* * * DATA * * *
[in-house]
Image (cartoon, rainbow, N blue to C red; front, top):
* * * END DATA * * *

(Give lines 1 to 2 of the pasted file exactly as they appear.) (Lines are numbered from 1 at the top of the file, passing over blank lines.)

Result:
[in-house]
Image (cartoon, rainbow, N blue to C red; front, top):